IDPC Briefing Paper - The heroin shortage in the UK and Europe

16 March 2011

Increasingly throughout 2010, observers of the UK heroin scene noticed signs of disruption in the normally well-supplied and efficiently administered UK market. From around September, it became clear that something unusual was taking place, and the following months confirmed the impression. By November, illicit heroin had become practically impossible to access, even in major distribution centres such as London and Liverpool. On the street, supplies sold as heroin were largely made up of inert bulking agents combined with substances such as paracetamol and benzodiazepines, the latter including extremely powerful sedatives such as alprazolam. John Ramsey, toxicologist at St George’s Hospital in South London, reported exceptional levels of demand for the testing of street heroin samples, while seasoned heroin users reported seeing nothing like it in drug-using careers spanning 30 years.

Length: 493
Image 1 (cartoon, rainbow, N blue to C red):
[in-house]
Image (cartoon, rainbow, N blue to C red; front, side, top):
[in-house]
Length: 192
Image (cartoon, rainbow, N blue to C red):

IDPC has been monitoring the situation closely, and began liaising across its global network of NGOs in order to ascertain to what extent the situation was local to the UK, or whether similar developments were taking place in continental Europe. This briefing paper provides an overview of the European situation, describes the responses of authorities and users, and analyses its possible causes and future development.